For weeks she has been working every evening, alongside about 50 volunteers, all of them dedicated to saving the vast collection of books and journals left lying in the ruins of one of Russia's great libraries after a devastating fire in late January.
Working around the clock, they have rescued about a million books, transporting them out of the wet. For Metlitskaya and the others, saving the books represents something larger.
"I am very depressed by the political course of my country," she wrote in an email from Moscow recently. "But our volunteer group gives me hope for civil society in Russia. That stays with me in the burnt building."
INION, the Soviet-era acronym for the Institute of Scientific Information on Social Sciences of the Russian Academy of Science, was founded in 1918 as one of Russia's top libraries and research centres.
It's known for its vast holdings of rare Russian books and magazines from the 18th and 19th centuries, and for its big collection of foreign-language books, many not found in any other Russian library, as well as League of Nations documents, papers from the UN and UNESCO and books dating back to the 16th century, seized as war booty from Germany during the Second World War.
The fire that ripped through the third story of the building on Jan. 30 destroyed about two million books, an estimated 15 per cent of the collection. The roof also caved in, putting the rest at risk.
A book lover's Chornobyl
Almost immediately after the fire, INION's librarians swung into action and created a Facebook page aimed at salvaging the books.
In a country where tragedies are commonplace, news of the near-destruction struck a chord.
The head of the Russian Academy of Sciences, Vladimir Fortov, likened the fire to a kind of book lover's Chornobyl.
"INION is a very important Russian library," says Harold Leich, a Russian specialist at the U.S. Library of Congress, in an email.
"In the field of humanities it is the chief Moscow library of the Russian Academy of Sciences — the institutes, laboratories and libraries of which are the most important locus of original research in Russia."
Generations of foreign scholars have worked there, too.
"It represents a repository of the whole intellectual enterprise of the Russian federation," says Piotr Dutkiewicz, a political science professor at Carleton University, who worked at INION as a graduate student in the 1980s.
Back then, it was known as a genteel, well-resourced haven away from the rest of mostly impoverished Moscow.
"Not only did it have one of the best reading rooms in the country, but it had the best cafeteria, where you could get the best cigarettes and the best sausages," Dutkiewicz said.
The devastation at INION and the ad hoc salvage process that followed the fire raise questions about the commitment of today's Russian government to the funding of its archives and libraries, which were near collapse during the financial crisis of the 1990s and have never really been properly resourced since.
As so often happens in Russia, ordinary people have stepped in to fill the vacuum. The librarians are recruiting anyone who is willing to lend a hand hauling books.
"There's been almost no help from the central government," says Metlitskaya, adding "we are also collecting computers, scanners from Russian citizens."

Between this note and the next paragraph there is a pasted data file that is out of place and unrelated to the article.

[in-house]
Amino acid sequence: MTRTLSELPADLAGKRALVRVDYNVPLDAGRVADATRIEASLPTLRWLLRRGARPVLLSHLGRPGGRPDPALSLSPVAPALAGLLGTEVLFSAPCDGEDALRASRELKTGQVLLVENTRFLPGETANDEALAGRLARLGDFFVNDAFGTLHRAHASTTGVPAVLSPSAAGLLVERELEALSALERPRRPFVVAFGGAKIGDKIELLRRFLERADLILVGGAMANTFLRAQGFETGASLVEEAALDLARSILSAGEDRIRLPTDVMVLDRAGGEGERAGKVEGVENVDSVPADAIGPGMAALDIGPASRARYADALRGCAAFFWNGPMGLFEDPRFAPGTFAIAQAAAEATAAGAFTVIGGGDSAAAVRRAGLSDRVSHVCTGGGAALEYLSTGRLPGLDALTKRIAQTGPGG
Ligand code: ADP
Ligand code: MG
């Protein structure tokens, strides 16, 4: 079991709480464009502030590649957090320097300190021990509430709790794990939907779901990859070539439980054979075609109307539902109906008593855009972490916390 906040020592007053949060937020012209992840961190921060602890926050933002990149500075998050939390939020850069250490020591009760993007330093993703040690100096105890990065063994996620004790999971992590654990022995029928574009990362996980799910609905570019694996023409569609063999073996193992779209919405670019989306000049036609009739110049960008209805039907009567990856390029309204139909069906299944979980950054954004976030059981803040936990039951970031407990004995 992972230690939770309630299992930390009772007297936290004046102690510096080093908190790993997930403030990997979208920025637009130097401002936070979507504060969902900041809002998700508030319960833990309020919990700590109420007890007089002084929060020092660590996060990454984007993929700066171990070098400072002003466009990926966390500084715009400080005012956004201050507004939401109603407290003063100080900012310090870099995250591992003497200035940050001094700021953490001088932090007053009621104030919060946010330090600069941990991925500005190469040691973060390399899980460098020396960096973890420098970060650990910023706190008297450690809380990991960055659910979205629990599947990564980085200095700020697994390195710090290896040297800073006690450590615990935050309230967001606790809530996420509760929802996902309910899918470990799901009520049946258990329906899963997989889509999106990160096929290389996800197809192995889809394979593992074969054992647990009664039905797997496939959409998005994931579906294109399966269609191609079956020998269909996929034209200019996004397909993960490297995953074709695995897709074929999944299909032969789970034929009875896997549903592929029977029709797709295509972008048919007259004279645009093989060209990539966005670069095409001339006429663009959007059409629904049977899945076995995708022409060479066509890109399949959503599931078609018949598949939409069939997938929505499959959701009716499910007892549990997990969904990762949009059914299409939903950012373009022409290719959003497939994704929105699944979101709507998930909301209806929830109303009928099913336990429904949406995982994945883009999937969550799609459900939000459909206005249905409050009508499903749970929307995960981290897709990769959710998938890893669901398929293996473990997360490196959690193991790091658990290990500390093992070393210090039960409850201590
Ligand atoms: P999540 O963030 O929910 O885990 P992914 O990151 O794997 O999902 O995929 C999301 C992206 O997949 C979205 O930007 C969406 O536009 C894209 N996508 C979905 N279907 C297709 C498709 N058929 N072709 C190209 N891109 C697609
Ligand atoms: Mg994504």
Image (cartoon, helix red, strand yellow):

The library has hired about 20 workers to move the soggy, smoke-damaged books from the 14-million volume collection, says Metlitskaya. But a substantial amount of the packing is being done by untrained volunteers — book lovers from all walks of life.
Over the course of three weeks in March, the volunteers packed and moved about a million books to a suburban facility in Lybertsy until the INION building is rebuilt.
The daily effort, which is chronicled in the INION volunteer Facebook blog, is reminiscent of 1941, when staff at the Hermitage Museum in St. Petersburg (then Leningrad), packed one million paintings and art objects over six days and nights and shipped them off to the Ural Mountains to escape an expected Nazi invasion.
More state control
The passion of the INION volunteer group isn't surprising, says Dutkiewicz.
"There are pockets of Russian intellectuals who love what they do. For them, these libraries are their whole world."
Volunteers have stepped in and "are resolving things with their own hands, because there's a vacuum left by the government," says Elena Eremeeva, an opera singer in Toronto who has followed the progress of the INION librarians.
"The government says it's going to provide lots of assistance, but there is a lack of action."
Gleb Albert, a scholar specializing in Soviet-era history and who often works at INION, has been watching the progress from Germany.
"Besides the books themselves, one of the most grave concerns was the card catalogues," he says. "No matter how little damage is done to an archive or a library itself, if the catalogue is destroyed, the institution is paralyzed for years."
In this case, he says, "when the news came in that the INION card catalogue survived the fire virtually untouched, it felt like a miracle."
Still, as Albert sees it, the primary problem for libraries generally is poor funding, which allows everything to become run down.
In INION's case, he says, "the wages are so low that hardly any young professionals want to work there, and those who still continue to work there are doing it out of love for their profession and are true heroes.
"It's not unusual to see people well beyond pension age behind the counter."
There's also been increasing state control in recent years, and "reclassifications of archival documents as 'secret' over the last 10 years, which can only be described as absurd," he says.